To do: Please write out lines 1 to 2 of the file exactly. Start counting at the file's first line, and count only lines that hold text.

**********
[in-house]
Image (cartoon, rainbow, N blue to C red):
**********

[in-house]
Image (cartoon, rainbow, N blue to C red):